Robert Tanitch reviews Scottish Ballet’s A Streetcar Named Desire at Sadler’s Wells Theatre, London

Robert Tanitch reviews Scottish Ballet’s A Streetcar Named Desire at Sadler’s Wells Theatre, London

There have been many fine revivals of Tennessee Williams’s greatest play since its 1947 Broadway premiere, a landmark in American theatre history; but none has been able to erase the memories of the performances by Marlon Brando, Vivien Leigh and Karl Malden in the Elia Kazan 1951 film.

The great strength of Scottish Ballet’s inventive version, which mixes drama, ballet and musical, is its dramaturgy. The dance narrative has a director, Nancy Meckler, and a choreographer, Annabelle Lopez Ochoa. Audiences who know the play will appreciate just how crystal clear their scenario is.

Blanche Dubois, the faded, vulnerable Southern belle, one of the great modern roles, sees herself as a heroine in a play by Alexander Dumas. “I don’t want realism!” she cries. “I want magic!” She loses everything – inheritance, home, family, husband and finally her mind.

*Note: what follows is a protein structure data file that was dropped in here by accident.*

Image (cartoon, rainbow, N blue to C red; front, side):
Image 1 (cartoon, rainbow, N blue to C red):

The ballet begins with the back story in the old South before the destitute Blanche comes to New Orleans in the 1940’s to stay with her sister, Stella, who is married to the brutal Stanley Kowalski.

Blanche had married a young man who turned out to be gay. He committed suicide. Her promiscuous behaviour, which included the seduction of a youngster, shocked the community so much, she was expelled.

The past continues to haunt her. There are flashbacks to her husband and her notorious reliance on the kindness of strangers. The choreography and the music express Williams’s text so well.

Peter Salem’s contemporary, jazzy, atmospheric score, which uses original and natural sounds, plus an electronic beat, is particularly effective. There is no dialogue, only a popular song, Only a Paper Moon (heard on the radio), and one single word, Stanley yelling his wife’s name, Stellaaaaaaa!

Nicola Turner’s design is minimalist. The DuBois family mansion crumbles before our eyes, leaving a pile of debris and packing crates, which are then constantly moved around the stage and re-arranged, quickly and effectively by the dancers, creating different locations.

At the performance I attended, Blanche and Stanley were danced by Roseanna Leney and Benjamin Thomas. The scene which had the most erotic and traumatic impact – so brutal it silenced the theatre – is when Stanley rapes Blanche. The silence on stage and in the auditorium was deafening.

Scottish Ballet’s A Streetcar Named Desire, not seen since 2015, deserves to be revived much more often.

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